Advanced Clinical Practitioners (ACP’s) in Maternity, part of the Modern Midwifery Workforce?

This week we hear from Jenna Waldram, a Midwife working predominately on Labour suite and triage in a busy tertiary hospital. Having previously worked in A&E as an HCA, Jenna often reflects on the Advanced Practitioners she knew and admired there and wondered why such a pathway didn’t seem as prominent in Midwifery. In this blog Jenna takes us through some of the recent UK developments regarding Advanced Clinical Practitioner roles in Midwifery.

November 2022 saw the release of Health Education England’s (HEE) Advanced Clinical Practice in Midwifery Capabilities Framework (2022). This framework was produced in response to government reports such as Better Births (2016) and HEE’s Maternity Workforce Strategy (2019) which highlighted the need for development and expansion of the maternity workforce. It feels this has long been a topic for discussion with ‘Midwifery 2020‘ (2010) strongly advocating maximising the influence of midwives through increased opportunities for specialist and advanced practice for Consultant Midwives.

However, since then there has been little research or literature completed surrounding Advanced Midwifery Practitioners (AMP’s) (Goemeas; 2018) and often confusion over what constitutes Advanced Practice in Midwifery (HEE; 2021). During a deep dive analysis commissioned by HEE, interviews were held with Heads of Midwifery and Directors of Midwifery to ascertain their views on the role. This found a lack of clarity over what constitutes ACP in maternity for those who did not have any such roles at their trust. There was acknowledgment of the lack of evidence supporting the role which created barriers in business planning and questions over funding. Although those who did employ ACP’s were ‘adamant ACP’s provide benefits to the organisation in terms of their advanced knowledge and skills, the feedback from women and the positive educational support for staff they are working with’ (HEE; 2021).

Following this deep dive HEE developed the Capability Framework (2022) to outline expectations from the role and combat previous misconceptions or misunderstanding:

‘Advanced Clinical Practice in Midwifery will ultimately support Midwives to develop to an advanced level of clinical practice through education and training, while contributing to the provision of safe and personalised care for childbearing people and their babies.’ (HEE; 2022)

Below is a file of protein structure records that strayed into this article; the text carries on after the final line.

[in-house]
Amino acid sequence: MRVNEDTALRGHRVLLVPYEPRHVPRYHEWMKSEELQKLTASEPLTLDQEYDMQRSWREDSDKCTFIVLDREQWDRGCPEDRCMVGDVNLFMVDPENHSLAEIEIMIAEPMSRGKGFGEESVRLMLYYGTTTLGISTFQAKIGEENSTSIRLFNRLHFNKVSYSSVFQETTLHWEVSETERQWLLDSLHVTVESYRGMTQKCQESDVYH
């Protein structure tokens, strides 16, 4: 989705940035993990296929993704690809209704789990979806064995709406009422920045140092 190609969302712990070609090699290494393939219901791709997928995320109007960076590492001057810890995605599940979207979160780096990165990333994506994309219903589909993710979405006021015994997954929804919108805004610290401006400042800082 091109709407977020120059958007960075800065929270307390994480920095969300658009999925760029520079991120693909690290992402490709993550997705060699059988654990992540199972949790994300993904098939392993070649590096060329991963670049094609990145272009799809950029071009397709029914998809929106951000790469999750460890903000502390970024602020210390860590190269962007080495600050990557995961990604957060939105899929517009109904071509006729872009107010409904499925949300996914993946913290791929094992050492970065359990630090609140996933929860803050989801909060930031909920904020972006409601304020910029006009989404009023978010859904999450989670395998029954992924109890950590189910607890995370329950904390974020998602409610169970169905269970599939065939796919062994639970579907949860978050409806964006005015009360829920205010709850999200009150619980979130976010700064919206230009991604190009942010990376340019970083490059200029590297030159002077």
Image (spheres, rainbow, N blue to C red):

Social expectations of healthcare have changed in recent years and complexity of cases is ever increasing with continued developments in medical science (Goemeas; 2020). Person centred care is now very much considered a core value of midwifery care and advanced practice has a key role in delivering this particularly for those with complex need/pregnancies.

Offering alternative career development with a more clinical focus rather than the more traditional management or academia may also appeal to many. Harnessing the talent and skills of hardworking knowledgeable midwives, enabling them to develop their skills to give enhanced care, improved continuity and more personalised care to women and their families. This has the possibility to improve job satisfaction and in turn improve retention and potentially increasing recruitment with other midwives seeing a trust offering this role and hoping to follow a similar career pathway.

The traditional view that Advanced Clinical Practice is predominantly a nursing issue is outdated (Midwives; 2023) With Government publications and HEE backing Advanced Clinical Practice in Midwifery, there seems a clear focus on developing a modern maternity service that carefully balances core midwifery values, but also adapts to the context in which it practices and the changing and increasing challenges faced by the midwifery workforce.

For further reading on this topic please see a recent report from the Nuffield Trust on the regulation of advanced practice in nursing and midwifery:

https://www.nmc.org.uk/globalassets/sitedocuments/councilpapersanddocuments/council-2023/advanced-practice-report-final.pdf

References:

Department of Health and Social Care, Midwifery 2020: Delivering Expectations. London; 2010 https://www.gov.uk/government/publications/midwifery-2020-delivering-expectations [Accessed 20/05/2023]

Goemaes R, Shawe J, Beeckman D, Decoene E, Verhaeghe S, Van Hecke A, Factors influencing the implementation of advanced midwife practitioners in healthcare settings: A qualitative study Midwifery 66, 88-96, 2018 

Goemaes R, Beeckman D, Verhaeghe S, Van Hecke A, Sustaining the quality of midwifery practice in Belgium: Challenges and opportunities for advanced midwife practitioners, Midwifery, 2020 Oct;89:102792.

Health Education England Maternity Workforce Strategy – Transforming the Maternity Workforce, 2019, https://www.hee.nhs.uk/sites/default/files/document/MWS_Report_Web.pdf [Accessed 20/05/2023]

Health Education England, Advanced Clinical Practice (ACP) in Midwifery, 2021, https://www.hee.nhs.uk/our-work/maternity/advanced-clinical-practice-acp-midwifery  [Accessed 20/05/2023]

Health Education England Advanced Clinical Practice in Midwifery: Capability Framework, Nov 2022, https://advanced-practice.hee.nhs.uk/launched-today-advanced-clinical-practice-in-midwifery-capabilities-framework/ [Accessed 20/05/2023]

 NHS England, Better Births. Improving Outcomes of Maternity Services in England. A Five Year Forward View for Maternity Care. London: NHS England; 2016

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